For some, the '90s never really died – and with the advent of reunion tours and classic hip-hop radio stations, that fact has never been truer. The latest example is self-explanatory I Love the '90s Tour, which is being headlined by legendary female rap duo Salt-N-Pepa. This nostalgic nationwide tour embodies the ‘90s with some of the most memorable R&B and hip hop artists from the era including Vanilla Ice, Kid ‘N Play, Color Me Badd, Biz Markie, Coolio and more. Sadly, Rob Van Winkle won't be a part of the Grand Prairie stop, but there will be a local presence thanks to Salt-N-Pepa DJ Spinderella, who has adopted Dallas as her home in recent years. Initially the tour was only supposed to be in a few cities this spring, but after sold-out shows and such a high demand for more shows to, the tour expanded to additional cities. Bring out the overalls, ripped jeans and windbreakers, so you bust out those retired dance moves you’ve been longing to do again. Aria Bell
With Conceited, 8 p.m. Saturday, June 11, at Gas Monkey Live!, 10110 Technology Blvd., 214-350-1904 or gasmonkeybarngrill.com, $50.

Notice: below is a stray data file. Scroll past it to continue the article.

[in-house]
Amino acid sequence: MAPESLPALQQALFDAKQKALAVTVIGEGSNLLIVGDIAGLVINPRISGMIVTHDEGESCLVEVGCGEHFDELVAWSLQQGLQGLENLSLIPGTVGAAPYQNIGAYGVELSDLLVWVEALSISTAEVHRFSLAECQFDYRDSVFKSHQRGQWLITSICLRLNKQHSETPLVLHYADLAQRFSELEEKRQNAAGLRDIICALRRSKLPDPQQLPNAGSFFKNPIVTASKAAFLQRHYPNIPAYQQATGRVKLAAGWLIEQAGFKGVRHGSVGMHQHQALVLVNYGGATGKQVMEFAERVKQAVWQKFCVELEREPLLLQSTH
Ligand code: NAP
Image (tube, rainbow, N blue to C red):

The rise and fall of DMX is a long, complex and well-documented tale. The Yonkers rapper enjoyed a rapid ascent to hip-hop stardom on the strength of his rough-and-tumble persona, which coupled all the street credibility in the world with a charisma that crossed over to mainstream audiences. Throughout the early 2000s, he produced some amazing party anthems. Since then, the Empire State rapper has been riddled with numerous arrests, battles with drug abuse and volatile public behavior that has rendered any and all former glory nearly forgotten. This concert, though, offers an opportunity to see DMX shine as the showman he was once known to be, and perform all those mega hits he possesses or an opportunity to gawk at a fallen star. Mikel Galicia